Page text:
The door opened again, and the butler entered. Lala began wondering if anyone would notice if she choked due to lack of air and died right there. Probably not. Though her mother might notice, insomuch as it would diminish her audience.
When Lala looked up again, she discovered, standing directly in front of her, the very embodiment of the man she had always wanted to marry. He wasn’t young, but he wasn’t old either. His eyes were navy blue, with wrinkles at the corners that showed he knew how to smile. He was almost bald, and she could tell with one look that he wouldn’t have a hairy chest. And he wasn’t as imposing as Mr. Dautry. He was probably only a few inches taller than she was.
The butler was introducing Dr. Hatfield and the doctor was bowing and saying that he would be most happy to treat her mother while she was in residence at Starberry. In fact, if she agreed, he would like to conduct a preliminary consultation now.
Her mother’s eyes shifted, and Lala could see that she was rethinking the seriousness of her palpitations; after all, she was sitting with Lady Adelaide, while a duke and duchess stood close by.
“My mother will not agree to see you, Dr. Hatfield,” Lala said, standing, “because she would never put her health in front of the enjoyment of others. But I must insist that you do examine her; she had palpitations all morning in the carriage.”
Lady Adelaide bounced to her feet as well, likely happy to be released from a discussion of childbirth gore. “Our health is tremendously important after we reach the change of life, don’t you think?”
Lala’s mother gave Lady Adelaide a look so disdainful that it could have frozen lemonade. Her ladyship didn’t appear to notice, and somehow all three of them, followed by the doctor, left the room and went up the stairs. Lala wasn’t quite sure why Lady Adelaide was escorting them, but she was grateful for it; her mother was always more restrained in the presence of other ladies.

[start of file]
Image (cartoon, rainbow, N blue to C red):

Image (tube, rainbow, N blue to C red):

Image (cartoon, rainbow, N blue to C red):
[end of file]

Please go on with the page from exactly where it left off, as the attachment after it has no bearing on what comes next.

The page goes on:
Once they were in Lady Rainsford’s bedchamber, Lady Adelaide seated herself to the side while Lala stood by the bed and watched. Dr. Hatfield went through the various motions that she’d seen forty or fifty doctors do in her lifetime. He asked questions, listened to her mother’s chest, and took her pulse.
Her mother talked on and on. Dr. Hatfield had looked at Lala only once, swiftly, when her mother explained that even though it might lead to a palpitation that could prove the end of her, her maternal desire to see Lala settled in life had led to the enormous step of leaving Dr. Belview’s care for a week.
Dr. Hatfield had beautiful eyes and a long, lean face that matched his lanky body. He was perfect: masculine without being overly so. Watching, Lala tried desperately to keep her breathing slow and even, because it wasn’t panic she was feeling now. It was something else, something far more pleasurable.
When the doctor straightened, Lala held her breath. This was the point at which medical practitioners either ruined everything by announcing that Lady Rainsford wasn’t ill at all, or patted her mother’s hand and told her that she needed rest and good care, then charged two pounds and promised to return the next day to collect another payment.
She wanted him to be the first sort. But she also wanted him to be the second sort.
He did neither. Instead, he turned to Lala. “Miss Rainsford, what do you think?” he asked.
She gulped. “What do I think of my mother’s health?” No one had ever asked her that.
“I find that the most perceptive observers of the ill are family members. A daughter can understand, better than a stranger, her mother’s condition.”